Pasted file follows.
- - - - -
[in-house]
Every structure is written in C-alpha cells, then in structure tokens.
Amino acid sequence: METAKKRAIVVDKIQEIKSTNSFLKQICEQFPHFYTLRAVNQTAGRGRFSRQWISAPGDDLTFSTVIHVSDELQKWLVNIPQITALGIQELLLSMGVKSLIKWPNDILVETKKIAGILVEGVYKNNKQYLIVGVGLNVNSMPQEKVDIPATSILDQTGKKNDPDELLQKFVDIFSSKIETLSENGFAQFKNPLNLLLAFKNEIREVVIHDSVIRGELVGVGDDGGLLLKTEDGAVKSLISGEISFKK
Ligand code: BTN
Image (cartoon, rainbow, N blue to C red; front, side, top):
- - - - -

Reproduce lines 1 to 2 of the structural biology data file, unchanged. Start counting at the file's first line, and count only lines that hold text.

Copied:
[in-house]
Every structure is written in C-alpha cells, then in structure tokens.